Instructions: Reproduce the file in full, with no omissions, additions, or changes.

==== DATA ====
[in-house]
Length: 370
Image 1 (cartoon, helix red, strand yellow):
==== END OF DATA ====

[in-house]
Length: 370
Image 1 (cartoon, helix red, strand yellow):